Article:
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Perl Magic
The language of obfuscation

I’ve been delving into the Perl language more lately for a job, and have found out some interesting things about it. Perl itself is a bit shrouded in mysticism, with it often being said that it runs on “magic”. The original Perl engine, written by Larry Wall, has never been duplicated due to its incredible complexity and hacked together nature.

One funny little thing I noticed is that an arrow “=>” and comma “,” are completely synonymous in the language. For example, this is how you SHOULD declare a hash and an array, because it just looks better and is proper coding standards:
@MyArray=('a',1,'b',2); #An array with values a,1,b,2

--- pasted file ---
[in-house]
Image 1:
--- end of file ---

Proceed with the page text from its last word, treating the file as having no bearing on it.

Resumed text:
%MyHash=(a=>1, b=>2); #A hash with keys a,b that contain the values 1,2
but you can actually declare the exact same array and hash objects like this
@MyArray=('a'=>1=>'b'=>2); #An array with values a,1,b,2
%MyHash=(a,1,b,2); #A hash with keys a,b that contain the values 1,2

It’s also easy to find the length of a non referenced array in Perl as follows:
print $#MyArray; #Index of the last element, so add 1 to get length
print $ArrayLength;

There are two ways to do it with a referenced array:
print scalar @$MyRefArray;
print $#$MyRefArray; #Index of the last element, so add 1 to get length
Moral of the story: there are many ways to do things in Perl.

After now having delved a bit more into how Perl works, I still like PHP better as a strictly quick scripting language. Oh well.

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